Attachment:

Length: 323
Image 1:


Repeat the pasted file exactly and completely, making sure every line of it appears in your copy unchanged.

Length: 323
Image 1: